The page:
To that end, a skinnier kayak will have less drag as it glides through the water. That will not only make your paddle strokes more efficient, but it will also require less effort to get your kayak to your next destination.
Finding the correct cockpit size for your body, then, is a balance between enough space to be comfortable and too much space to drag your kayak down. To get a sense of the cockpit dimensions that will make sense for you, start by taking a few body measurements.
Measure across your body from hip to hip (use your iliac crest as starting and ending points for your measuring tape). At the same time, measure the total circumference of your belly at your midline (belly button).
Respectively, you can use these two measurements to compare to the width and length of the cockpits in the kayaks you are interested in. As a rule of thumb, try to allow for 3-6 inches of clearance between your body and the insides edges of your cockpit.
This will provide enough room to move around and it will also account for your extra girth when wearing one of the best kayak PFDs.
The next decision you make is whether you want a kayak with a rudder, a skeg, both, or neither. As you would imagine, there are pros and cons to all of these options, so let’s review them quickly.
Best for especially windy or wavy locations. Minimizes the need for corrective paddle strokes because direction can be controlled by foot pedals.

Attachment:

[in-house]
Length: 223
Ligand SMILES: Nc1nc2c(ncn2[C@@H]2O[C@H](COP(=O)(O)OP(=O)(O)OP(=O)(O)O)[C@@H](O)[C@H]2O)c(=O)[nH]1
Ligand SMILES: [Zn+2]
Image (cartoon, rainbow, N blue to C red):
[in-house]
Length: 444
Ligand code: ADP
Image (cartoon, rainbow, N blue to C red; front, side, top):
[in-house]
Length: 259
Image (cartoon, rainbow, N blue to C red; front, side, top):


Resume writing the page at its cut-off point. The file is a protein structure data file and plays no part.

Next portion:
Good for shallower waters to improve directional tracking of your kayak. More easily extendable and retractable than a rudder, but doesn’t offer nearly as much directional control.
Most control and versatility depending on weather, terrain, and other environmental factors.
Least amount of control. You will rely more heavily on correctional paddle strokes and the design of the kayak’s hull for tracking and maneuverability.
These kayaks have a surprisingly wide range of weights that vary based on the materials they are built with. The heaviest options weigh northwards of 100 pounds and the lightest are barely over 40 pounds.
The model that makes the most sense for you depends on how you will transport your kayak. Obviously, a heavier kayak will also be more difficult to maneuver on the water, so that should also be considered.
The area in which a super-heavy kayak becomes really annoying, however, is when you are moving it around on land. That also includes loading and unloading it onto a kayak roof rack or kayak trailer.
If you have to raise and lower your kayak on and off the roof of your vehicle every time you want to paddle, a kayak that weighs over 100 pounds isn’t going to be ideal for that. If you are okay with a heavier kayak like that, you will probably want to use a kayak trailer or have it permanently stored at a lakefront property.
For smaller paddlers and folks that don’t want to wear themselves out before they even get on the water, a lighter kayak is king. Plus, it will allow you to load in more gear without feeling like you are paddling a waterlogged tree through the water.
Also, consider how much weight you will typically be loading into your kayak. If you plan on mostly using your kayak for day adventures, you probably don’t have to worry as much about exceeding the capacity of any of these kayaks.